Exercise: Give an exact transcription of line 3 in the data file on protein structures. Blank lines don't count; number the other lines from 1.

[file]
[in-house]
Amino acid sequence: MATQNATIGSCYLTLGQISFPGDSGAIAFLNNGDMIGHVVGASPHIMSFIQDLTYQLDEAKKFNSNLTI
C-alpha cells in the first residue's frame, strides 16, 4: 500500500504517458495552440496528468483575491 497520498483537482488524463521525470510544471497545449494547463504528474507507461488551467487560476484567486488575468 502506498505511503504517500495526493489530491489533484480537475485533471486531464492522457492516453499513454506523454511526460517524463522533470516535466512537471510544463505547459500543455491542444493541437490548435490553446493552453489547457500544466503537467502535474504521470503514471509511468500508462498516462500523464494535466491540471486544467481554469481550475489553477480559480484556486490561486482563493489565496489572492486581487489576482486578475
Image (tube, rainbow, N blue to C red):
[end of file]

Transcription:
C-alpha cells in the first residue's frame, strides 16, 4: 500500500504517458495552440496528468483575491 497520498483537482488524463521525470510544471497545449494547463504528474507507461488551467487560476484567486488575468 502506498505511503504517500495526493489530491489533484480537475485533471486531464492522457492516453499513454506523454511526460517524463522533470516535466512537471510544463505547459500543455491542444493541437490548435490553446493552453489547457500544466503537467502535474504521470503514471509511468500508462498516462500523464494535466491540471486544467481554469481550475489553477480559480484556486490561486482563493489565496489572492486581487489576482486578475